Hello, thank you for calling in, I'm delighted to see you here. I am counting my blessings and I hope you are all safe, wherever you are. I am certainly not going to gripe about the weather when there are hurricanes and earthquakes on the other side of the Atlantic.
Thirty-four years ago this month I packed up my suitcase and went off to college in Essex, beginning an adventure which would last for three years. The Hall of Residence was over-subscribed but all first year students who wanted it were guaranteed accommodation, so I was allocated a place in a shared house which was earmarked for demolition to make way for a new road. There were eight of us altogether, all girls, and my bed was in the room at the front of the house which would have originally been the lounge. I had to share this room with another girl who, unfortunately for me, had never had to share a bedroom before and frankly, there was a good deal of tension because she had absolutely no idea of the give and take necessary to make it work. She was selfish. There, I have called a spade a spade. All of the rooms in the house were full of girls except the kitchen and the bathroom - oh yes, there was only one bathroom between eight of us, no shower, and the loo was in the bathroom so if you needed a wee and someone was in the bath you just had to cross your legs and hang on. There was a table and chairs in the kitchen and another in the large hall, but we had no sitting room. We had no 'phone, no television, no washing machine, obviously we had no computers and none of us had a car, so how on earth did we cope?? Fabulously well.
I think that this year's crop of Freshers would be absolutely horrified. A condemned house? Sharing a room? No ensuite shower room? Trips to the laundrette? No telecoms? No cars? How on earth did we survive??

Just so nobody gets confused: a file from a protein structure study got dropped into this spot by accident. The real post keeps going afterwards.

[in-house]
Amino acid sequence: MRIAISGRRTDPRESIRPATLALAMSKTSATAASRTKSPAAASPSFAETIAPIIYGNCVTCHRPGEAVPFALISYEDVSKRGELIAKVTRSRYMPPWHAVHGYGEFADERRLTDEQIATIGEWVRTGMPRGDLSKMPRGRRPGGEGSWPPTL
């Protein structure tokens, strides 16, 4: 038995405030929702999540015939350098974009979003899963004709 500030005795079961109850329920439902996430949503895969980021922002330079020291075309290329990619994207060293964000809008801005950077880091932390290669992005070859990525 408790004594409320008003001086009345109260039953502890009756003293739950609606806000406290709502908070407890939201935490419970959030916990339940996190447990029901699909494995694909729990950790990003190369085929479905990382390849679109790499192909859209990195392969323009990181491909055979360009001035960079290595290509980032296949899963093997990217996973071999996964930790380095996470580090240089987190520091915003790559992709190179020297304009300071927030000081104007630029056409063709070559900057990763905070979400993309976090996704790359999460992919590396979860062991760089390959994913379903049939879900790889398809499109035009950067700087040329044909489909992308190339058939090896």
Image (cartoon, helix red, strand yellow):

There was another difference, too: Freshers' Week was the first week of term. We had to contend with a full programme of lectures and tutorials as well as finding our way around, both the college and the town, making new friendships and a full programme of social activities. We got up at 8am every day and went to bed at 3am every night and the excitement, the nerves and the adrenaline got us through. The evening activities took place in the Student Union bar and I have been trying to remember what I would have been drinking - certainly not spirits, firstly because they were too expensive and secondly, because they were too middle-aged! I don't think I was drinking beer then so if it was alcohol it was probably cider, or possibly a glass of the ghastly wine which was served in pubs then. I don't remember any of the girls getting drunk to the point of incapacitation, although I do remember being scared by the behaviour of some of the boys who drank eight or nine pints of beer and couldn't control themselves. The point of our evenings was, I think, to meet each other, to have fun together and to celebrate our freedom.
Me in October 1983 in Cedar Avenue, Chelmsford, writing a letter!